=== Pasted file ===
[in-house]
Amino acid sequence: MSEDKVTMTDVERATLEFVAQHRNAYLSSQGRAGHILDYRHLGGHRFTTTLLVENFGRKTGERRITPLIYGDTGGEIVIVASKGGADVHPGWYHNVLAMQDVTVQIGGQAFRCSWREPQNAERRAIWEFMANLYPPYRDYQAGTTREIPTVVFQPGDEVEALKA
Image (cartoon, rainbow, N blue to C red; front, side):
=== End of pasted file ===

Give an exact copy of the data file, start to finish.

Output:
[in-house]
Amino acid sequence: MSEDKVTMTDVERATLEFVAQHRNAYLSSQGRAGHILDYRHLGGHRFTTTLLVENFGRKTGERRITPLIYGDTGGEIVIVASKGGADVHPGWYHNVLAMQDVTVQIGGQAFRCSWREPQNAERRAIWEFMANLYPPYRDYQAGTTREIPTVVFQPGDEVEALKA
Image (cartoon, rainbow, N blue to C red; front, side):